Home
Major victory for campaigners - and those who maim will see harsher sentencing too

Drivers who are convicted of killing while drunk, distracted or speeding could face life in prison under new sentencing guidelines drawn up by government ministers.

It brings the sentencing for driving offences in line with manslaughter, with maximum penalties raised from 14 years to life.

Ministers also confirmed that there will be a new offence of causing serious injury through careless driving.

According to the Guardian, last year 157 people were sentenced for causing death by dangerous driving, with a further 32 convicted of causing death by careless driving while under the influence of alcohol or drugs.

Dominic Raab, the justice minister, said: “We’ve taken a long hard look at driving sentences, and we received 9,000 submissions to our consultation.

“Based on the seriousness of the worst cases, the anguish of the victims’ families, and maximum penalties for other serious offences such as manslaughter, we intend to introduce life sentences of imprisonment for those who wreck lives by driving dangerously, drunk or high on drugs.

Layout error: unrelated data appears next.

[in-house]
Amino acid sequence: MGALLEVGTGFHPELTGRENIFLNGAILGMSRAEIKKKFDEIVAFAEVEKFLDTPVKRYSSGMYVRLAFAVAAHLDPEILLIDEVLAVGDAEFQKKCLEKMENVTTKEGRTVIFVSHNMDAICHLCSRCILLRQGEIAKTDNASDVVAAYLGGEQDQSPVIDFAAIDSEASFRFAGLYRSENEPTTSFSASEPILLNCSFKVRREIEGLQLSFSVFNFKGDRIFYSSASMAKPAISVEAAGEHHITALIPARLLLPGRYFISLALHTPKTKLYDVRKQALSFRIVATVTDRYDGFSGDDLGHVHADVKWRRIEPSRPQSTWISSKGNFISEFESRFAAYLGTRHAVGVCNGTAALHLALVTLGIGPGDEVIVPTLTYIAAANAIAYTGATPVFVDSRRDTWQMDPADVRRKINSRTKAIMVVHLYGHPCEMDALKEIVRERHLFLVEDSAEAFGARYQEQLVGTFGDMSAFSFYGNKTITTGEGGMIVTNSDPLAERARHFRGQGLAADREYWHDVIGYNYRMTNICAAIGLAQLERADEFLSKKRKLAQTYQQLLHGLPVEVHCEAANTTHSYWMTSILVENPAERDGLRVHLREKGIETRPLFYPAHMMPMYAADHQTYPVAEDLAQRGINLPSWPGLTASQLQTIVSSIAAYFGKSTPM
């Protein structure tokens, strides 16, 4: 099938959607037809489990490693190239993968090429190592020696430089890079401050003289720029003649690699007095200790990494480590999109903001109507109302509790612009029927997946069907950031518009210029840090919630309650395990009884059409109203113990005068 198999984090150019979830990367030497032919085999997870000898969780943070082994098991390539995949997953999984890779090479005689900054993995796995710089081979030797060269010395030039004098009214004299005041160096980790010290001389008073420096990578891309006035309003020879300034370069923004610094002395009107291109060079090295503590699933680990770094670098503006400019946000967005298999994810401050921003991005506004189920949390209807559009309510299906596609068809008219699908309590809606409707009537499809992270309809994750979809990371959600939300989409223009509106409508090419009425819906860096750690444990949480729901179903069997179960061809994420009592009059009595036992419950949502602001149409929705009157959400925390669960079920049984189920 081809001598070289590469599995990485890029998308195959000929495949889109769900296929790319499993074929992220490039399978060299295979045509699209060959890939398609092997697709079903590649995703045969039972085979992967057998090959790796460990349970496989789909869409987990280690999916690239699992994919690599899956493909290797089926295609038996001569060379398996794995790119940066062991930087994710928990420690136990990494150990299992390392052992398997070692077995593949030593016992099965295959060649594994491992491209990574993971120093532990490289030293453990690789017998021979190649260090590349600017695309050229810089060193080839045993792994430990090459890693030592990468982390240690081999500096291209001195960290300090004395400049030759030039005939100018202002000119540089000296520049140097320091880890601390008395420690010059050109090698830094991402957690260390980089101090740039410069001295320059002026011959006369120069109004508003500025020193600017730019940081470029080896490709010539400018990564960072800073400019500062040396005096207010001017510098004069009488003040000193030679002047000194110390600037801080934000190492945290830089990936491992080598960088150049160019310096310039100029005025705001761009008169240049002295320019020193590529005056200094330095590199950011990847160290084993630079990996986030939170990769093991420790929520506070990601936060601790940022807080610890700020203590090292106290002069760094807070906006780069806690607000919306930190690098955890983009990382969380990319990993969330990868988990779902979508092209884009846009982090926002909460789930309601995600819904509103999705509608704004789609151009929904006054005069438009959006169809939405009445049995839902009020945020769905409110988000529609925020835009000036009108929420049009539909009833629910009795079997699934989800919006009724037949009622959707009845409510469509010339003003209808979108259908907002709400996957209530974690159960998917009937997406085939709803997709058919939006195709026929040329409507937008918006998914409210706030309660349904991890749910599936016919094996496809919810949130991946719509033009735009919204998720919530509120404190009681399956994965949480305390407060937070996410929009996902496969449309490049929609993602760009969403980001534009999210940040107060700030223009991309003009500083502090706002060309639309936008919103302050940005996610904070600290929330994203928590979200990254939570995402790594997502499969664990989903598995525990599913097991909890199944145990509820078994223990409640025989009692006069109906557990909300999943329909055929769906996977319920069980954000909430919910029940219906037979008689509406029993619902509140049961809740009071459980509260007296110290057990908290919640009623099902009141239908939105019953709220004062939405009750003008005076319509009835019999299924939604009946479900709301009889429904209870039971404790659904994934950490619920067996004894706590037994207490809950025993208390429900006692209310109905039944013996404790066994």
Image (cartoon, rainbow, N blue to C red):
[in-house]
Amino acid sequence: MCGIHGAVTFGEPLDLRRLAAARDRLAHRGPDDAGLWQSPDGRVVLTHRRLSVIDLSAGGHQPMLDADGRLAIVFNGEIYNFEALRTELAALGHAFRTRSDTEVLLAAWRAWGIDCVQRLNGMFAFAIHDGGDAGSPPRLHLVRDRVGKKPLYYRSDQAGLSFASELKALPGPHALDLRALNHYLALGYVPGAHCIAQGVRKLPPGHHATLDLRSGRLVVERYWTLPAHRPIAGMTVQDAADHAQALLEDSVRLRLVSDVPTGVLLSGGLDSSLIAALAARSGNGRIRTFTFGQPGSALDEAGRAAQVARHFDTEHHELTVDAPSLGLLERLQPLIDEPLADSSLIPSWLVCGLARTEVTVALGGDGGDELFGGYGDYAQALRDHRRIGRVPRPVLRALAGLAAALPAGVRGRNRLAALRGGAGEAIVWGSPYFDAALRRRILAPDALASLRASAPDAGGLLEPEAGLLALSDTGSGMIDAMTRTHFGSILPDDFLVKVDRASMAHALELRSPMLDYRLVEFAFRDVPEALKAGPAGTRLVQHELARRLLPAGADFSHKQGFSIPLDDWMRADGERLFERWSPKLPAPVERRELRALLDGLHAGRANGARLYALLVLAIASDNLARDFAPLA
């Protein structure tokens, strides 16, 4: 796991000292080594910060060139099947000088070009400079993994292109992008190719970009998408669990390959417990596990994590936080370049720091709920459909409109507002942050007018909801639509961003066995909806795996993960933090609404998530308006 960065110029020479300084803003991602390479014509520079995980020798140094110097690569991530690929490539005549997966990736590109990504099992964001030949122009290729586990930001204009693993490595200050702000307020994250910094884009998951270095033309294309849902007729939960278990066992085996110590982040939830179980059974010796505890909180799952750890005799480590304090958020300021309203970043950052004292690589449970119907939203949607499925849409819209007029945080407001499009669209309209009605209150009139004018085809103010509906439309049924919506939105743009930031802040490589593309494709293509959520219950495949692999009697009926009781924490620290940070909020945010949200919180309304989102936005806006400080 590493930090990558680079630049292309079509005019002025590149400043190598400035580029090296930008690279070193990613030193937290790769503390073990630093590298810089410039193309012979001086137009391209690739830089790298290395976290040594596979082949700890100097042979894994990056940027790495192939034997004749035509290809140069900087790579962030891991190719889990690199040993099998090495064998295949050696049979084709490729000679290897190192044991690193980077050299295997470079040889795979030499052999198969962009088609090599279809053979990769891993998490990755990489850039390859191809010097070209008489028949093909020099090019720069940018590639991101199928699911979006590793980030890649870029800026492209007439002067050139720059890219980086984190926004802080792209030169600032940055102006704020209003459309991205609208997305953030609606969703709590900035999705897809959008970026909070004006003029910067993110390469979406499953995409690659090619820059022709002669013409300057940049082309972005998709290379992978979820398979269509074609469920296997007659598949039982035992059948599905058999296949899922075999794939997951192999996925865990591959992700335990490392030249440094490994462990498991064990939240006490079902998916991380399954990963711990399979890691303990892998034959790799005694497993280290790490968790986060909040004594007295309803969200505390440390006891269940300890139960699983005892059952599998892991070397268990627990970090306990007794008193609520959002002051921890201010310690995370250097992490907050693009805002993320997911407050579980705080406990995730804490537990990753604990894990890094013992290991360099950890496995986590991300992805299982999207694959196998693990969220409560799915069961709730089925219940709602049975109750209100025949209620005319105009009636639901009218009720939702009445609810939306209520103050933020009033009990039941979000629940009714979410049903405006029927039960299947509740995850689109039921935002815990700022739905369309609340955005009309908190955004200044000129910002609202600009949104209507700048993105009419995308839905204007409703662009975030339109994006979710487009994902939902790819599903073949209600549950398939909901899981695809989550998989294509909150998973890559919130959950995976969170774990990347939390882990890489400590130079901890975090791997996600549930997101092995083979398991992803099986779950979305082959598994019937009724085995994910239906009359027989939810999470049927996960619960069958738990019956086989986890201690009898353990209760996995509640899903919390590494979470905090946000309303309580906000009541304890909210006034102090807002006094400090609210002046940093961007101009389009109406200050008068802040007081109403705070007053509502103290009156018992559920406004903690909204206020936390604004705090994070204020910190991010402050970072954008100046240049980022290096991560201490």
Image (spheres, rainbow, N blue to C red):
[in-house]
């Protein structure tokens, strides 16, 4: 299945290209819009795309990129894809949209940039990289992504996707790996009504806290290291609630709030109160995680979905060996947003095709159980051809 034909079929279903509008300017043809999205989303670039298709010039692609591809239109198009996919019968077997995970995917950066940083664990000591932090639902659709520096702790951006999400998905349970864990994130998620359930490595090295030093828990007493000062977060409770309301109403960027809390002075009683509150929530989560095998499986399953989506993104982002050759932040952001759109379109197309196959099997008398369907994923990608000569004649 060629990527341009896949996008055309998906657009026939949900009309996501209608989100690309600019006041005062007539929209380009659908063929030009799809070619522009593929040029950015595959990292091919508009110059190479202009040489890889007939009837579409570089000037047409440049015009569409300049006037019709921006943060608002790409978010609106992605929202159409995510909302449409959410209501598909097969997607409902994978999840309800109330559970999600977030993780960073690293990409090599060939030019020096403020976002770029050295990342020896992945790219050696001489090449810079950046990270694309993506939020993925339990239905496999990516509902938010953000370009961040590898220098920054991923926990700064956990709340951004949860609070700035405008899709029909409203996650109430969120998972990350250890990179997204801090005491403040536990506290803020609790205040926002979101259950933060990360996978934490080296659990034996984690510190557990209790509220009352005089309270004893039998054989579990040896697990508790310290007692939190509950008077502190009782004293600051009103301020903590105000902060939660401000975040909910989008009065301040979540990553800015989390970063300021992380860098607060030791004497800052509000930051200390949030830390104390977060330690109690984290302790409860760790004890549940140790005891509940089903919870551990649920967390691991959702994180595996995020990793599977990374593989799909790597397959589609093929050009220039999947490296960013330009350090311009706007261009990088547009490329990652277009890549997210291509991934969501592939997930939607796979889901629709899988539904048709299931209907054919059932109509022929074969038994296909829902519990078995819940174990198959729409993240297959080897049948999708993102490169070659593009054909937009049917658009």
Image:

“We will introduce a new offence of causing serious injury by careless driving, punishable by imprisonment, to fill a gap in the law and reflect the seriousness of some of the injuries suffered by victims in this category of case.”

The 9,000 consultation respondents were broadly supportive of harsher sentencing, with 70 per cent calling for life imprisonment as a maximum term.

Around 90 per cent of respondents backed the creation of the new offence of serious injury by careless driving.

Jason Wakeford, director of campaigns for road safety charity Brake, said the move marked a "major victory for the families of victims" and campaigners.

He said: "We applaud the Government for at last recognising that the statute books have been weighed against thousands of families who have had their lives torn apart through the actions of drivers who have flagrantly broken the law."

 

 

After an unpromising start, having to be bribed by her parents to learn to ride without stabilisers, Sarah became rather keener on cycling in her university years, and was eventually persuaded to upgrade to proper road cycling by the prospect of a shiny red Italian bike, which she promptly destroyed by trapping a pair of knickers in the rear derailleur. Sarah writes about about cycling every weekend on road.cc.

User login